Validate your learning

I recently received an email from a potential customer who has an idea for a business and required funding. Though the money was not a large amount, I decided to take a leaner approach to the situation to try and understand how we can cut away wastage and provide a cheaper, more effective solution. I suggested that she starts small and with what she had, but the person wanted to go big or go home.

Many people don’t believe in the power of learning, yet disruptive innovation is filled with learning being valued more than money:

  • Airbnb had to learn which part of their system is not complimenting the stay-at-home experience. This included discovering handing over cash, relooking the quality of the venue photos and targeting people outside of special events
  • Netflix learnt about customer behaviour and building up a relational database of which shows would be more appealing after watching certain shows

Where did validated learning come from?

Eric Ries first coined the term validated learning in 2011.

The idea is that you test whether a feature, product or enhancement will add the value that you think it will.

This can be achieved by firstly realising that we are making assumptions about how much value a feature will add to a system. Secondly, we need to be able to measure the effect that it has on the user – will this feature move the business forward? Are we able to validate this without writing the feature?

The validation process

Though this is not a one size fits all, the typical steps in validated learning can be seen as:

  1. Specify a goal – add details about what you want to learn
  2. Specify a metric that represents the goal – define how you will be able to achieve it. Include details such as software or analytics trackers to be used, methods etc.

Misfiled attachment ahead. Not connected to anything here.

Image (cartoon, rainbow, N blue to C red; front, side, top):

3. Act to achieve the goal – do what needs to get done to get the metrics in
  4. Analyze the metric – do the results align with the initial goal? Will this give you the result you need?
  5. Improve and try again – what did you learn? How are you using that?

Examples of validated learning in software development

Validated learning makes sense in small businesses and entrepreneurship, as one can test it directly with the customer.

In most companies, the developer never sees anyone other than the immediate IT team, it can be challenging to change the mindset from a cost centre to a team of enablers.

Yet, with a bit of creativity, the developers or business analysts are able to work through the validated learning process without interrupting business as usual.

Some of these include gathering analytics through Azure Performance Monitoring, Google Analytics, HotJar or similar software. This can be combined with A/B testing and other methods to see if a button is clicked on or not.

The case of the vital feature

An accounting online software as a service (SAAS) solution received feedback from clients that they require a fairly large feature. They decided to add a menu item with the name of the feature. When the menu item as clicked, it navigated to a page saying “Coming soon”.

Using Google Analytics, they realised that no one clicked on the page – it wasn’t something that added value to their clients.

The large app requirement

A client required a complicated mobile app. To simplify the requirements, we analysed the features that we believed to be most important. We built this into an MVP to pitch to clients.

The client was able to demo the app with the basic features and receive feedback about what the users expected. The developers were also able to get feedback via analytics software to understand which features were clicked on most and which were not seen as important.


Validating your feature as valid, value-adding and worth the effort means that the developer codes knowing that his code will make a difference.

Creating MVPs, prototypes, using analytics to track user activity can give us insight into what is actually important.

Simply be effective.


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